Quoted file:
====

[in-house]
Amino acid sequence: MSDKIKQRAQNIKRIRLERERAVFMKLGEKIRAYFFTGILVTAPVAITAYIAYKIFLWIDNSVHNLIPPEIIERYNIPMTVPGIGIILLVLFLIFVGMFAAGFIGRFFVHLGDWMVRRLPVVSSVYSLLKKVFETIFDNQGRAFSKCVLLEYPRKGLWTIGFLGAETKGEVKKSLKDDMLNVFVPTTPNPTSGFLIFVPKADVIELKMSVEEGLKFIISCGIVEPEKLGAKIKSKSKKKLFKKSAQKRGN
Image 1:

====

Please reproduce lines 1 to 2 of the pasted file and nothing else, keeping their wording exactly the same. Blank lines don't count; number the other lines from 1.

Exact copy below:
[in-house]
Amino acid sequence: MSDKIKQRAQNIKRIRLERERAVFMKLGEKIRAYFFTGILVTAPVAITAYIAYKIFLWIDNSVHNLIPPEIIERYNIPMTVPGIGIILLVLFLIFVGMFAAGFIGRFFVHLGDWMVRRLPVVSSVYSLLKKVFETIFDNQGRAFSKCVLLEYPRKGLWTIGFLGAETKGEVKKSLKDDMLNVFVPTTPNPTSGFLIFVPKADVIELKMSVEEGLKFIISCGIVEPEKLGAKIKSKSKKKLFKKSAQKRGN